Y1.9K: Mizzou in 1900

Departments in 1900

Psychology and Sociology
In 1900 and with Jesse's blessing, the departments of Experimental Psychology and Sociology were created.  Psychology was deemed important to those studying to become teachers and sociology was considered important to the general public.  Five hundred dollars was allocated to install the psychology lab, which was a substantial sum of money in those days.  To keep the amount in perspective, three desks and three chairs for the library were under fifty dollars.  Max Meyer, a well known professor, was hired to begin the program.  In addition to bringing an interest in the psychology of music, Meyer also proposed "grading on the curve."  Although his colleagues rejected the idea, later faculty members and generations of Mizzou students have acknowledged its advantages.

Psychology Lab
1901 Experimental Psychology Lab
(University Archives, C:0/47/1, Box 1, OSF)

It has been claimed that the University of Missouri sent a larger percentage of its students to the front in the Spanish American War (1898) than any other college in the United States. 

Spanish American
University of Missouri Volunteer Infantry in Spanish American War
(University Archives, C:22/8/1, Box 1)

After the war, the enrollment in the Military Department did not drop but increased consistently until the turn of the century. There were 290 men enrolled in 1900, nearly one third of the student body.  The style of uniforms, the fabric, and the selection of tailors generated much correspondence and discussion during the year.  The photo which follows captures the winning entry.

(University Archives, 1900 Savitar)

Students in 1900
There were more than 1300 students enrolled in the 1900-1901 academic year. There were fifty-two states, territories, and countries represented in those figures.  There was, for example, a student from Cuba, one from New Zealand, four from Argentina and twenty-four from Kansas.

For those graduating in the academic year 1900, the average age of the class was 24 years, and one month, the oldest member was 30, the youngest was 19.

Seniors Seniors
Graduating class of 1900
(University Archives, Savitar)

The Seniors had completed their required credits, but there is another perspective. What about those individuals beginning in 1900.  What did it take to be admitted into Missouri State University?

If you attended an Approved High School of which there were more than 100 schools with 100 more petitioning to be included on the list, your grades and diploma were not enough to gain entry.  A certificate had to be signed by the superintendent or principal of the high school showing the course of study which the student completed.  If the documentation was accepted, the student was spared a rigorous examination.  For the unfortunate student, the next step was four days of exams in eighteen different subjects.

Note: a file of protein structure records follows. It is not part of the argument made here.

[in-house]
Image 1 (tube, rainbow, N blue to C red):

1900 Student Receipt
(University Archives, UW:1/4/1, Box 10, FF 3B)

Another benefit to graduating from an approved school, besides the avoidance of exams, was a possible waiver of expenses.  The Board of Curators decreed that tuition was free for all students in all departments from 1 September 1900. There was still the entrance, library, and incidental fee of $5. For many students, even this fee was beyond their means. If you had the highest average in your approved school, however, then the $5 fee was waived.

Chart of Expenses
1900 Chart of Expenses
(University Archives, Bulletin, 1900-1901)

The fee for law students was $10 and as the above chart indicates, many of their other expenses were higher as well.

Law Building
Law Building
(University Archives, C:0/47/12, Box 1, FF 27)

Once a student was admitted, the daily routine began. Lectures and recitations in all departments, again except Law, were held 6 days a week. No student was allowed to enroll in more than 18 hours and the typical course load was 12-16 hours, much like today. Yet, there was one daily activity which is not in practice today, religious exercises. Every morning there was a hymn by the choir, readings from the Old and New Testaments, a brief prayer, and a closing hymn.

Housing in 1900
Room rent for each student was from $12 to $30 a year, according to the location of the room. Permits to the dining room were $12 a year, but in 1899 and again in 1900, the cooks struck. After an increase in salary each year, the delivery of meals continued uninterrupted.

The cost quotes pertain only to men, since the costs for women were more expensive.

A Room in Lathrop Hall, ca. 1905
(University Archives, C:0/3/8, Box 4, FF 9)

Lathrop Hall, ca. 1900
(University Archives, C:0/47/12, Box 1, FF 57)

Please click here to view Page Four of Y1.9K.

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Copyright © Curators of the University of Missouri 1997 - 2002
Published by: University Archives muarchives.missouri.edu/
Originally Prepared: December 1999
Revised: 17 January 2003
URL: https://muarchives.missouri.edu/1900-3.html

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